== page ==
183 of 221 people found the following review helpful
on September 19, 2011
I am a Chinese who came to the US at age 23 and got married with my wife of similar background. I found this book an absolute insult to the real typical "Chinese" parenting method. My parents, like many others, were strict in educating me and my sister in terms of academic performance, sports (I am so grateful to have my life-long hobby of soccer and play weekly in a league), music (I am an avid classical guitar player) and social skills. But they never frightened or abused me. In fact they merely showed me the door and let me chose. For example I was given violin lessons and allowed to quit in a month - I found it so painful to hear the squeaky sound. I was allowed to choose what major to concentrate on instead of "you must study business because you will make more money..." I ended up choosing computer engineering and couldn't be happier with my choice.
We have 2 girls, age 10 and 6. Although we are strict in sending our girls to a nice private school near we live, making sure they complete their homework (including the bonus questions) every night, controlling the amount of TV hours (we don't allow them to watch what's on the cable channels. We "make" them watch high quality classic movies such as "Marry Poppins", "Sound of Music" and etc), helping them find an exciting sport (they both ended up with swimming, after we allow them to try golf, soccer and tennis.), and encouraging them to get outside our comfort zone of Chinese culture to learn from those whose predecessors had been here a lot longer. I am deeply disturbed by the stereotype and insult that the author created to not only us as a typical Chinese family but also other ethinity groups.
I feel like apologizing on her behalf to the "western" group. We are not what she described, and although we believe in many aspects of our Chinese parenting approach, we also quite respect the way kids are raised here in terms of emphasis on "social skills", "art and literature", and "the importance of having fun and finding their real passions and interests".
159 of 193 people found the following review helpful
on January 27, 2011
I cringed (not chuckled) as I listened to the author read this book, choosing the audio version, so there could be no debate about her intended voice as she spoke the words. I imagined what living with this woman was like, and I was haunted by her words, "I don't know how to have fun", and thought to myself now she wants to make sure that no one else in her family does either!. In some states, what she did to her children has to be considered illegal and absolute emotional child abuse. Does she attempt humor in the book? Yes, but it falls flat against the backdrop of the emotional abuse of her children. She takes comfort that after she abuses them they hug her, seeking out love from the abusive parent, while the husband does nothing to stop the abuse.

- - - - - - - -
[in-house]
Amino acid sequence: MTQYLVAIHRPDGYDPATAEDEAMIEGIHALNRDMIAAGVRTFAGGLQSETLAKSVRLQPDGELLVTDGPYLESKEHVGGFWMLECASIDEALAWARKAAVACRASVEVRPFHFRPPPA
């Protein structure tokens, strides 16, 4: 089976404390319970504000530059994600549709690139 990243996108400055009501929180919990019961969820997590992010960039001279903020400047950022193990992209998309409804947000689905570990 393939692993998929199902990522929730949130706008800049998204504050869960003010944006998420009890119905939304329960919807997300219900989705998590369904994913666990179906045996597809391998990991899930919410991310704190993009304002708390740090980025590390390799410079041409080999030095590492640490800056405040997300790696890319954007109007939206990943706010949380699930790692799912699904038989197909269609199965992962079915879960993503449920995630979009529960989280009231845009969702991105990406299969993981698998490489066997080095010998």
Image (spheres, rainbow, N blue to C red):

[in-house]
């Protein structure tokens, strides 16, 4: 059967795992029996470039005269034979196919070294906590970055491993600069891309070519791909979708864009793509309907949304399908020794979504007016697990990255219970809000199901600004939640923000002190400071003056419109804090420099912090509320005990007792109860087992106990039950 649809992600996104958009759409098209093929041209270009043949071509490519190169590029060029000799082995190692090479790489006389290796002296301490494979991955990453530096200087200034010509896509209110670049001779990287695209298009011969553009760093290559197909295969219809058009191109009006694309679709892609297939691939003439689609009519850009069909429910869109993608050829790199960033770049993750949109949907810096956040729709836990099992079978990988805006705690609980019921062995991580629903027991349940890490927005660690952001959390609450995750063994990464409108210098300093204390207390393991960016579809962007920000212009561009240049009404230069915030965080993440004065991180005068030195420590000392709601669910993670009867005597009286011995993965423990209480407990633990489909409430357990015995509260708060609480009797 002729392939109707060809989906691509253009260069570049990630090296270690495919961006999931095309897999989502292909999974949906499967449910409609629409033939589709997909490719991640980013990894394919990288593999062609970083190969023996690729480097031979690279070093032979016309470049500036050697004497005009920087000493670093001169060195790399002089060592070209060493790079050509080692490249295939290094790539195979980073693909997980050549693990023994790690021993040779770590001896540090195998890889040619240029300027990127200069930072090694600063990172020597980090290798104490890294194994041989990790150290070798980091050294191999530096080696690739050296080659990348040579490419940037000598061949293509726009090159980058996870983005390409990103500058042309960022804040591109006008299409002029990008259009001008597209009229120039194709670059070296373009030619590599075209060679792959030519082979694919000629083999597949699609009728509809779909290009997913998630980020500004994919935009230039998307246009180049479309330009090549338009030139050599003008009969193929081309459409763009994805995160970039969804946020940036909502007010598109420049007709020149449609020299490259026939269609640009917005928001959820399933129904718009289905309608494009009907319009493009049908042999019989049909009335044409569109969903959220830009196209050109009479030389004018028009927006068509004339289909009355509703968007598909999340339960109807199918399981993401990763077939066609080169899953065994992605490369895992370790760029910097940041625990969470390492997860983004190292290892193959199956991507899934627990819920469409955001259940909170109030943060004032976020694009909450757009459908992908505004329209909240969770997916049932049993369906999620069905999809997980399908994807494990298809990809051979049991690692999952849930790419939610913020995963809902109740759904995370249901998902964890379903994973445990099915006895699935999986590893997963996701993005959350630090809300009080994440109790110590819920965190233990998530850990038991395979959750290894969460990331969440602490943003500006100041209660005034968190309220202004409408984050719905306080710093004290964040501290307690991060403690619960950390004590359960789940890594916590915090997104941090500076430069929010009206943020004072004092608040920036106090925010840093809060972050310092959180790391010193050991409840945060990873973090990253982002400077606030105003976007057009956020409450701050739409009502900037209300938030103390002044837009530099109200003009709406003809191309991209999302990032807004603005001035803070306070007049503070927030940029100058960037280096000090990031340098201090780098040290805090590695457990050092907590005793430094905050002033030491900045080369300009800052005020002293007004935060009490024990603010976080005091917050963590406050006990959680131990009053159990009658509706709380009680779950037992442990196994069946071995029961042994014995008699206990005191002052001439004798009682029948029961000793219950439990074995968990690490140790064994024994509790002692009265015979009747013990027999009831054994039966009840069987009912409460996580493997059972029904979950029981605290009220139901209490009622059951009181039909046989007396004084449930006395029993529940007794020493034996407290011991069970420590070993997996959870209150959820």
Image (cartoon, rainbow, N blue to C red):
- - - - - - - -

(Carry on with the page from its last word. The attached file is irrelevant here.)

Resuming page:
She boasts that the children never took a day off from piano practice, even when sick with a fever or after oral surgery (she just shoves painkillers at her daughters and commands them to practice). After playing piano for hours and hours one day, one daughter was hungry for dinner at 5:30PM. Mommy dearest responds with "no, no dinner until 9:00PM because you must practice for hours more." I suppose if the societal challenge was escape from the gulag, her extreme parenting would help toughen us up for the challenge. But this portrait of the childhood she stole from her daughters is pathetic. She is so narcissistic and delusional: she has convinced herself that she does this all for her childrens' benefits. You won't be fooled though when you hear her description of the room at the St. Regis and the food and the bussed in friends. She is so transparent. When she states "we gave up the violin", you know you've met this type of lunatic parent before. Can you imagine Michael Phelps's mother saying "we gave up swimming"? This is what did it for me: When grandmother begged for one single day, just one whole day, to spend with her granddaughters, this mother (the author) did not allow it. The grandmother is now dead--no more wasted days with Grandma--off to more piano practice.
She tries, unconvincingly, to show her "softer" side toward her dogs, but when a mother is willing to endlessly berate and dominate her children year after year after year, do we really care that she was "low key" as a dog owner? She is so unlikeable as a human being that by the end of the book if you had asked me to choose between being stuck in an elevator for 3 hours with Amy Chua or Glenn Beck, I would choose to endure Glenn Beck. The frightening aspect of this book is that the mother couldn't see that she actually put her younger child at real risk--if the book had ended in the child's suicide, you would honestly have said to yourself, "well I could see that coming". Thank God the child liberates herself from her mother with no more damage than a bad haircut and bad memories.
As far as Western parenting, you can set high standards and high expectations without emotionally abusing your children. I'll take our Western parented outcomes of Steve Jobs, Jon Stewart, Michael Phelps, Hilary Clinton, and Sonja Sotomayer any day over her control freak, abusive parenting. These high achievers all had lots of fun and play in their lives, and they likely all had some "whole days" with their grandmas.